Assessing the costs of ozone pollution in India for wheat producers, consumers, and government food welfare policies

Divya Pandey*, Katrina Sharps, David Simpson, Bharat Ramaswami, Roger Cremades, Nathan Booth, Chubamenla Jamir, Patrick Büker, Vinayak Sinha, Baerbel Sinha, Lisa D. Emberson

*Corresponding author for this work

Research output: Contribution to journalArticlepeer-review


We assess wheat yield losses occurring due to ozone pollution in India and its economic burden on producers, consumers, and the government. Applying an ozone flux–based risk assessment, we show that ambient ozone levels caused a mean 14.18% reduction in wheat yields during 2008 to 2012. Furthermore, irrigated wheat was particularly sensitive to ozone-induced yield losses, indicating that ozone pollution could undermine climate-change adaptation efforts through irrigation expansion. Applying an economic model, we examine the effects of a counterfactual, “pollution-free” scenario on yield losses, wheat prices, consumer and producer welfare, and government costs. We explore three policy scenarios in which the government support farmers at observed levels of either procurement prices (fixed-price), procurement quantities (fixed-procurement), or procurement expenditure (fixed-expenditure). In pollution-free conditions, the fixed-price scenario absorbs the fall in prices, thus increasing producer welfare by USD 2.7 billion, but total welfare decreases by USD 0.24 billion as government costs increase (USD 2.9 billion). In the fixed-procurement and fixed-expenditure scenarios, ozone mitigation allows wheat prices to fall by 38.19 to 42.96%. The producers lose by USD 5.10 to 6.01 billion, but the gains to consumers and governments (USD 8.7 to 10.2 billion) outweigh these losses. These findings show that the government and consumers primarily bear the costs of ozone pollution. For pollution mitigation to optimally benefit wheat production and maximize social welfare, new approaches to support producers other than fixed-price grain procurement may be required. We also emphasize the need to consider air pollution in programs to improve agricultural resilience to climate change.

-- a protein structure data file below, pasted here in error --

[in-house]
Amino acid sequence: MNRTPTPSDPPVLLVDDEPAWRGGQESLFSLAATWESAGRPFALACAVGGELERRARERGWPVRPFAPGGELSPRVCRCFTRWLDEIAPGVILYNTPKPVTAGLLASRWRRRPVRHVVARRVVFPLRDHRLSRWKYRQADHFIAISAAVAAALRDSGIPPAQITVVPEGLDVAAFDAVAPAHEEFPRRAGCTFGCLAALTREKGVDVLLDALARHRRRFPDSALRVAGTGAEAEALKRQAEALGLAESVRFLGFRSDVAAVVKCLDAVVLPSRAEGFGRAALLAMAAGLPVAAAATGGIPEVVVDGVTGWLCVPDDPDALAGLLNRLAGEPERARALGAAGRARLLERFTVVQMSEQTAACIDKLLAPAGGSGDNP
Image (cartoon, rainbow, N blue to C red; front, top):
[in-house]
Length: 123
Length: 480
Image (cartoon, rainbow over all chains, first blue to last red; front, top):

Original languageEnglish
Article numbere2207081120
Number of pages10
JournalProceedings of the National Academy of Sciences of the United States of America
Issue number32
Publication statusPublished - 31 Jul 2023

Bibliographical note

Funding Information:
ACKNOWLEDGMENTS. D.P., L.D.E., and P.B. acknowledge the Norwegian Research Council–funded CiXPAG project (grant no. 244551) and the Stockholm Environment Institute (SEI) for financial support to this study under its Gender and Social Equity program. D.P. also acknowledges the Alexander von Humboldt foundation for the postdoctoral fellowship that supported her continuing working on the manuscript at ZALF after she moved from SEI. D.S. was supported by EMEP under UNECE. Computer time for EMEP model runs was provided by the Research Council of Norway through the NOTUR project NN2890K. Additional funding for work done by K.S. was from the UK Natural Environment Research Council, as part of the SUNRISE program, a National Capability Long-Term Science–Official Development Assistance project, NEC06476. V.S. and B.S. thank the IISER Mohali Atmospheric Chemistry Facility for data and the Ministry of Education, India, and IISER Mohali for funding the facility. The funders did not interfere with the study design, analysis, and preparation of manuscript or decision to publish.

Publisher Copyright:
Copyright © 2023 the Author(s).


  • air pollution
  • food security
  • ozone-flux
  • wheat prices
  • wheat production

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